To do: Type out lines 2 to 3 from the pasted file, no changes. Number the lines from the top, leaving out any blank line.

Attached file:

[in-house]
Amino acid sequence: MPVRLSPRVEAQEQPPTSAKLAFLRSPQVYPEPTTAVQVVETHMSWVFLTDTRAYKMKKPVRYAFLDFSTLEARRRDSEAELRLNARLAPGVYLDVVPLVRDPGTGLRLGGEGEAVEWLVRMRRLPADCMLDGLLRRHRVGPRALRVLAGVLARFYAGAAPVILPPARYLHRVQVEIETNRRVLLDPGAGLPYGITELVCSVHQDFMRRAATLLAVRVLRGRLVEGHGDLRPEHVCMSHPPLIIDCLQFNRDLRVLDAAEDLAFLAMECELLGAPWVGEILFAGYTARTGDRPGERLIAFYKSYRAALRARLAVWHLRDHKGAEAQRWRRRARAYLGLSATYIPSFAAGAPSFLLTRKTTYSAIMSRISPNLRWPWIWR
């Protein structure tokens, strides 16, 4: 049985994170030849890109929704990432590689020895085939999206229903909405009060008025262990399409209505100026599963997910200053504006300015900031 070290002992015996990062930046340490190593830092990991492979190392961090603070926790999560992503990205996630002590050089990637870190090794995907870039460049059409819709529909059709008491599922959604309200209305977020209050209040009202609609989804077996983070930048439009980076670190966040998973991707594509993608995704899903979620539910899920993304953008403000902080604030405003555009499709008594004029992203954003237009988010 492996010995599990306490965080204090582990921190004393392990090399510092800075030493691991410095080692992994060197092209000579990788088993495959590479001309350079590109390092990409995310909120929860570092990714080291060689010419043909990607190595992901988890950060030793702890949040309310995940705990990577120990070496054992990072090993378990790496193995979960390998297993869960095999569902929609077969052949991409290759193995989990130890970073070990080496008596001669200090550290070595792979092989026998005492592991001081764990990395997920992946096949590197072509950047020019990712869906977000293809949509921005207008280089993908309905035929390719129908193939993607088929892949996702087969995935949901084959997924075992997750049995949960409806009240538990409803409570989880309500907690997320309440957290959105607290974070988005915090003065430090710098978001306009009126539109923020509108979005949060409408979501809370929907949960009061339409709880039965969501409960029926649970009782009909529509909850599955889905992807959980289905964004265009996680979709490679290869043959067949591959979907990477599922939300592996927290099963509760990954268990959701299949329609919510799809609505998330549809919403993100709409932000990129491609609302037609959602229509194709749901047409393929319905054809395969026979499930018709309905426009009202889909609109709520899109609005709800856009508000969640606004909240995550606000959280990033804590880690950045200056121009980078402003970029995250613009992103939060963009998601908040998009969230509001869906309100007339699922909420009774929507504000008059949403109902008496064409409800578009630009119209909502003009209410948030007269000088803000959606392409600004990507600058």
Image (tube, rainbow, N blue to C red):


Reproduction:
Amino acid sequence: MPVRLSPRVEAQEQPPTSAKLAFLRSPQVYPEPTTAVQVVETHMSWVFLTDTRAYKMKKPVRYAFLDFSTLEARRRDSEAELRLNARLAPGVYLDVVPLVRDPGTGLRLGGEGEAVEWLVRMRRLPADCMLDGLLRRHRVGPRALRVLAGVLARFYAGAAPVILPPARYLHRVQVEIETNRRVLLDPGAGLPYGITELVCSVHQDFMRRAATLLAVRVLRGRLVEGHGDLRPEHVCMSHPPLIIDCLQFNRDLRVLDAAEDLAFLAMECELLGAPWVGEILFAGYTARTGDRPGERLIAFYKSYRAALRARLAVWHLRDHKGAEAQRWRRRARAYLGLSATYIPSFAAGAPSFLLTRKTTYSAIMSRISPNLRWPWIWR
């Protein structure tokens, strides 16, 4: 049985994170030849890109929704990432590689020895085939999206229903909405009060008025262990399409209505100026599963997910200053504006300015900031 070290002992015996990062930046340490190593830092990991492979190392961090603070926790999560992503990205996630002590050089990637870190090794995907870039460049059409819709529909059709008491599922959604309200209305977020209050209040009202609609989804077996983070930048439009980076670190966040998973991707594509993608995704899903979620539910899920993304953008403000902080604030405003555009499709008594004029992203954003237009988010 492996010995599990306490965080204090582990921190004393392990090399510092800075030493691991410095080692992994060197092209000579990788088993495959590479001309350079590109390092990409995310909120929860570092990714080291060689010419043909990607190595992901988890950060030793702890949040309310995940705990990577120990070496054992990072090993378990790496193995979960390998297993869960095999569902929609077969052949991409290759193995989990130890970073070990080496008596001669200090550290070595792979092989026998005492592991001081764990990395997920992946096949590197072509950047020019990712869906977000293809949509921005207008280089993908309905035929390719129908193939993607088929892949996702087969995935949901084959997924075992997750049995949960409806009240538990409803409570989880309500907690997320309440957290959105607290974070988005915090003065430090710098978001306009009126539109923020509108979005949060409408979501809370929907949960009061339409709880039965969501409960029926649970009782009909529509909850599955889905992807959980289905964004265009996680979709490679290869043959067949591959979907990477599922939300592996927290099963509760990954268990959701299949329609919510799809609505998330549809919403993100709409932000990129491609609302037609959602229509194709749901047409393929319905054809395969026979499930018709309905426009009202889909609109709520899109609005709800856009508000969640606004909240995550606000959280990033804590880690950045200056121009980078402003970029995250613009992103939060963009998601908040998009969230509001869906309100007339699922909420009774929507504000008059949403109902008496064409409800578009630009119209909502003009209410948030007269000088803000959606392409600004990507600058």